So you have big plans for 2012 for your business! Part of those plans involves the hiring of a new employee. The right candidate for this job has to be trustworthy for many reasons, but mainly because she may be entering into your customers’ homes, handling customer payments, or working with sensitive customer or business information. That last thing you need is an employee stealing from your customers or you, or doing something even worse.
You’ve interviewed several candidates and found one you really like. She seems like the right fit, but what do you really know about her from a one-page résumé or application and a couple of interviews? What can you do to learn more about her? Should you run a criminal background or a credit check?
Many businesses should and do use various types of background and credit checks. These can be as simple as in-house Internet searches (even checking Facebook) or as in-depth as third-party credit or consumer reporting agency reports. Equifax, TransUnion, and Experian are the most well-known credit reporting agencies and can generate reports about everything from creditworthiness to criminal records. There are also many other agencies that will provide you with a myriad of different possible reports.
Before you run a background or credit check, you should be aware that there are federal and state laws that (i) affect your ability to run these types of checks on job applicants or existing employees, and (ii) dictate what you can do with the information received. The Fair Credit Reporting Act (FCRA) is the most important law affecting your ability to obtain and use a background or credit check.
If you use an agency to obtain information about an employee or applicant, you must comply with the FCRA or face some serious penalties. Under the FCRA, you must (i) properly disclose your intent to obtain the report; (ii) obtain express authorization from the applicant or employee to obtain the report; (iii) provide the applicant or employee with special notice if the you plan to take an adverse action based on information contained in the consumer report (i.e. not hire the applicant or fire the employee), and (iv) provide the applicant or employee with notice after taking the adverse action based on the information in the report. The FCRA imposes other related requirements as well. Thus, you need detailed background screening policies and processes to ensure compliance with the FCRA.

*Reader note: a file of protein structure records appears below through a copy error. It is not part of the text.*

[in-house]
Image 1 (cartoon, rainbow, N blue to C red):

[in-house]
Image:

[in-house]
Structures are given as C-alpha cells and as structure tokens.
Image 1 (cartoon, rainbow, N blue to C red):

So why should you care if a violation occurs? Upon a violation of the FCRA, your business may be subject to damages covering any actual damages sustained by the applicant or employee and the costs of the enforcement action (including the dreaded award of “attorneys’ fees”). If the violation is found to be willful, the award can include significant other statutory and punitive damages as well.
If your business has a substantial number of employees, it may be suddenly facing a class action from a creative plaintiffs’ attorney. In fact, last year saw a large rise in the number of class actions filed regarding alleged improperly conducted background checks of job applicants. These lawsuits have even resulted in some multi-million dollar settlements.
For example, a transport operator settled two FCRA class action suits for the collective sum of $5.9 million in March of last year. A freight business settled a FCRA-related class action suit for $2.6 million the next month. In these suits, the plaintiffs typically allege that the businesses did not properly obtain FCRA-compliant authorizations and/or did not provide pre-adverse action notices.
What may seem like a small issue for the employer is now a large lawsuit. Given the potential liabilities, those businesses looking to hire should know the FCRA requirements and take steps to ensure FCRA-compliant background screening policies.
Those looking to perform background checks should also be aware that there is a trend toward states regulating these checks and the use of the information obtained. With regard to criminal background checks, 23 states have recently created rules limiting the use and inquiries into criminal records and imposing their own notice requirements to the applicant or new hire.
A few cities even have ordinances regulating what investigations a business owner may make into criminal backgrounds. These states typically require that these checks may only be run on employees that will be put in a position of trust and confidence where the background check is a genuine job requirement.
The recent increase in FCRA class actions and state legislation suggests that this issue will not go away soon. Generally, you should begin to limit your background checks to those applicants or employees that will have job requirements that they handle significant money or trade secrets or will have significant access to customers’ personal assets.
If your business plans to use background checks on applicants or current employees, it is important that you consult with an experienced labor and employment consultant for compliance with all FCRA and applicable state requirements. Then properly run that background check on that good applicant, get great results and put her to work!